1990 was a year of life and death for Clark Martin. His daughter was born, and he was diagnosed with cancer.
Over the next 20 years, as his daughter took her first steps, experienced her first day of school, and eventually grew into a smart, fiercely independent teenager, doctors waged a blitzkrieg on Martin's body. Six surgeries. Two experimental treatments. Thousands of doctor visits. The cancer never went into remission, but Martin and his doctors managed to keep it in check by staying vigilant, always catching the disease just as it was on the brink of spreading.
Still, the cancer took its toll. Martin was riddled with the effects of anxiety and depression. He had become so focused on saving his body from the cancer that he hadn't made time for the people and things in his life that really mattered. His relationships were in shambles; he and his daughter barely spoke.
So in 2010, after reading an article in a magazine about a medical trial that involved giving people with cancer and anxiety the drug psilocybin — the active ingredient in the psychedelic drug magic mushrooms — he contacted the people running the experiment and asked to be enrolled.
After weeks of lengthy questionnaires and interviews, he was selected. On a chilly December morning, Martin walked into the facility at Johns Hopkins, where he was greeted by two researchers, including Bill Richards, a psychologist. The three of them sat and talked in the room for half an hour, going over the details of the study and what might happen. Martin was just one participant in a large, five-year study done at Johns Hopkins and New York University which aimed to look at the effect of psilocybin on cancer patients with anxiety and depression. That study's promising results have prompted some researchers to liken the treatment to a "surgical intervention."
In the homey facility at Johns Hopkins, Martin received a pill, which he swallowed with a glass of water. For study purposes, he couldn't know whether it was a placebo or psilocybin, the drug the researchers aimed to study.
Next, he lay back on the couch, covered his eyes with the soft shades he'd been given, and waited.
Within a few minutes, Martin began to feel a sense of intense panic.
"It was quite anxiety-provoking," he said. "I tried to relax and meditate, but that seemed to make it worse, and I just wanted everything to snap back into place. There was no sense of time, and I realized the drug was in me and there was no stopping it."
Martin, an avid sailor, told me it reminded him of a frightening experience he'd had when, after a wave knocked him off his boat, he suddenly became disoriented and lost track of the boat, which was floating behind him.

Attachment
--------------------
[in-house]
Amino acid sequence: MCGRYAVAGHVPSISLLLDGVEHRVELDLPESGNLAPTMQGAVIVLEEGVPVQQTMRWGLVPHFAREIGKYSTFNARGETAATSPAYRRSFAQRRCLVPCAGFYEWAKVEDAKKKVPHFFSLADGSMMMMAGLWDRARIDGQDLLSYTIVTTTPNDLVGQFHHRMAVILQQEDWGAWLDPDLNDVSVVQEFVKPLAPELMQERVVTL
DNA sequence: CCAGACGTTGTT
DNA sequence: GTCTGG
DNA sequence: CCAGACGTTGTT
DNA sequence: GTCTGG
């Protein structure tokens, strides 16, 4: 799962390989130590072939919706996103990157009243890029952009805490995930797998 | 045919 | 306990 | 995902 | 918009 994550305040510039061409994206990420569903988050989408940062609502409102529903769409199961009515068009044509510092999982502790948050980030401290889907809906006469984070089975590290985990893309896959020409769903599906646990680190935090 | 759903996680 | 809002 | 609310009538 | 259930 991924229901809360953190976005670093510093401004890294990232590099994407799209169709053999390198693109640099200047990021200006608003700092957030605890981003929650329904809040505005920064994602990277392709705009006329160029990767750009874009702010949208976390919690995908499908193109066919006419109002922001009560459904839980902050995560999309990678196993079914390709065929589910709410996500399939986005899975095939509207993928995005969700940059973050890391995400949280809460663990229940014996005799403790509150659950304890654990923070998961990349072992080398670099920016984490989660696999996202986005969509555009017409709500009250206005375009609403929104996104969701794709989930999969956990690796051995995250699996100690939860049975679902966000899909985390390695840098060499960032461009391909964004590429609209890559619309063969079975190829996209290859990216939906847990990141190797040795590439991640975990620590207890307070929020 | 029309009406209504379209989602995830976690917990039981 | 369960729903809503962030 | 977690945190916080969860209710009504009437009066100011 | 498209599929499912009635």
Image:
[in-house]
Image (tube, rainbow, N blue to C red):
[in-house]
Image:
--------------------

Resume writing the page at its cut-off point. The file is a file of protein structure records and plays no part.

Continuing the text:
"It was like falling off the boat in the open ocean, looking back, and the boat is gone," he said. "And then the water disappears. Then you disappear."
Martin was terrified and felt on the verge of a "full-blown panic attack." Thanks to the comfort and guidance of his doctors, however, he was eventually able to calm down. Over the next few hours, the terror vanished. It was replaced with a sense of tranquility that Martin still has trouble putting into words.
"With the psilocybin, you get an appreciation — it's out of time — of well-being, of simply being alive and a witness to life and to everything and to the mystery itself," said Martin.
'Relationships are pretty much spontaneous if you're just present'
Lots of things happened to Martin during his four-hour trip. For a few hours, he remembers feeling at ease; he was simultaneously comfortable, curious, and alert. He recalls a vision of being in a sort of cathedral, where he asked God to speak to him. More than anything else, though, he no longer felt alone.
"The whole 'you' thing just kinda drops out into a more timeless, more formless presence," Martin said.
As his trip slowly began to draw to a close and he began to return to reality, Martin recalls a moment when the two worlds — the one in which he was hallucinating and the reality he could call up from memory — seemed to merge. He turned his attention to his relationships. He thought of his daughter, his friends, his coworkers.
"In my relationships, I had always approached it from a 'How do I manage this?' How do I present myself?' 'Am I a good listener?' type of standpoint," Martin said. "But it dawned on me as I was coming out of [the trip] that relationships are pretty much spontaneous if you're just present and connecting."
That shift, which Martin said has deepened since he took the psilocybin in 2010, has had enduring implications for his relationships.
"Now if I'm meeting people, the default is to be just present — not just physically, but mentally present to the conversation," he said. "That switch has been profound."
While he felt himself undergo a shift during his trip on psilocybin, Martin says the most enduring changes in his personality and his approach to interacting with those around him unfolded long after he took the drug. For him, the drug was merely a catalyst — a "kick-start," he likes to call it. By redirecting his perspective for a few hours, the psilocybin unleashed a chain reaction in the way he sees and approaches the world.
The trip "kind of opened up a more intuitive brain processing that I wasn’t fully aware was there," said Martin.
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